As an infant, Matthew Boler was cute and chubby, just like other babies. However, the child, born July 16, 2014, had a strange, skinny and oblong head.

During a routine visit to Matthew's doctor at the age of 2 months, the family discovered that the baby might be suffering from a rare serious form of craniosynostosis called sagittal synostosis. 

The pediatrician suspected the condition since he was not able to locate the soft spot at the top of Matthew's head. The family was referred to neurosurgeons at the Texas Children’s Hospital in Houston. Doctors there explained that Matthew's skull was not growing properly, resulting in its long appearance. Craniosynostosis occurs when the skull bones fuse prematurely. The condition can hamper the brain's growth. 

“There’s no medicine that will unfuse the bone. The treatment is surgery and basically we have to cut out the bad bone," explained Dr. Sandi Lam in a statement. "The skull is very, very thin. We’re able to use different types of instruments and use an endoscope to see everything.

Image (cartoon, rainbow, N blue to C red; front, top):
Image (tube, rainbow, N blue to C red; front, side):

“Because of all of this growth that is happening, the brain really helps make the baby’s new head shape. It rounds everything out from inside out and helps guide how everything heals up.”

During the consultation, Lam explained to the Bolers that Matthew would have to undergo a surgical correction. They were told the baby would have to wear a helmet until he was a year old.

However, Matthew recovered so well after the October surgery that the helmet was taken off in just four months. The baby is still taken to the hospital for regular checkups, but Tech Times reports that he is doing fine.